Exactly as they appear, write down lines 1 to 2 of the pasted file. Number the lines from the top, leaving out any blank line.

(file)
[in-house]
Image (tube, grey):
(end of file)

[in-house]
Image (tube, grey):